The Advantages of Negotiating Over Email

Last Updated Apr 27, 2009 12:19 PM EDT

You wouldn't want to bargain your next salary increase over email, but there are some types of negotiation that may be enhanced by an electronic intermediary.

Take real estate deals. According to Harvard Business School professor Kathleen McGinn, an expert in negotiation, email might be just the ticket for closing on your next Shangri-la. Why? She tells the New York Times:

  • In a face-to-face negotiation, the parties may be less inclined to be forthcoming with what they want because they don't want to be perceived as petty or money-grubbing.
  • An e-mail trail makes the brokers more accountable for the information they convey.
  • But, she adds, negotiation emails should be taken seriously, not written in haste. And observe email etiquette. Putting a demand in all caps or responding snappishly with a string of !!! might lead to a conflict spiral.
Have you used email to negotiate a deal? What was your experience?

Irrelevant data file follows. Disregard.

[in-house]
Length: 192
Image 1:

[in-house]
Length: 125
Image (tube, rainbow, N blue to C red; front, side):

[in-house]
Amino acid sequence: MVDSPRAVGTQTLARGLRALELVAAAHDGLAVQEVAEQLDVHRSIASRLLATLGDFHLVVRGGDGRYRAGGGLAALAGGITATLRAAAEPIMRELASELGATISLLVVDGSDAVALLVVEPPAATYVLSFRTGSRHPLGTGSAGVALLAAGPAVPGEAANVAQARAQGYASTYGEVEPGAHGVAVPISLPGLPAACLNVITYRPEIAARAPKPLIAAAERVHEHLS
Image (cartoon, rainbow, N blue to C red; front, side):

(Email image by derrickkwa, CC 2.0)

  • Sean Silverthorne

    Sean Silverthorne is the editor of HBS Working Knowledge, which provides a first look at the research and ideas of Harvard Business School faculty. Working Knowledge, which won a Webby award in 2007, currently records 4 million unique visitors a year. He has been with HBS since 2001.

    Silverthorne has 28 years experience in print and online journalism. Before arriving at HBS, he was a senior editor at CNET and executive editor of ZDNET News. While at At Ziff-Davis, Silverthorne also worked on the daily technology TV show The Site, and was a senior editor at PC Week Inside, which chronicled the business of the technology industry. He has held several reporting and editing roles on a variety of newspapers, and was Investor Business Daily's first journalist based in Silicon Valley.